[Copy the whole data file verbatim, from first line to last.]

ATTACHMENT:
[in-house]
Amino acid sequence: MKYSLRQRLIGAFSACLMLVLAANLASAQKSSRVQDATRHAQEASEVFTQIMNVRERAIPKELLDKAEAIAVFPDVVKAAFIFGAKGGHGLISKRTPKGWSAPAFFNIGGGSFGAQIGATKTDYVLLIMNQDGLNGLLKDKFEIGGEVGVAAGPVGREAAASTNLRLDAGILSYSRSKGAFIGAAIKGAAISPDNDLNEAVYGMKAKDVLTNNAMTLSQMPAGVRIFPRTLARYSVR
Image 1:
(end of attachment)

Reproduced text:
[in-house]
Amino acid sequence: MKYSLRQRLIGAFSACLMLVLAANLASAQKSSRVQDATRHAQEASEVFTQIMNVRERAIPKELLDKAEAIAVFPDVVKAAFIFGAKGGHGLISKRTPKGWSAPAFFNIGGGSFGAQIGATKTDYVLLIMNQDGLNGLLKDKFEIGGEVGVAAGPVGREAAASTNLRLDAGILSYSRSKGAFIGAAIKGAAISPDNDLNEAVYGMKAKDVLTNNAMTLSQMPAGVRIFPRTLARYSVR
Image 1: